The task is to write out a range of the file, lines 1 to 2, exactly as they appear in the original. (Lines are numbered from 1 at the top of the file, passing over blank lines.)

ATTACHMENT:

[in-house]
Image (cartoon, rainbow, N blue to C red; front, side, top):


[in-house]
Image (cartoon, rainbow, N blue to C red; front, side, top):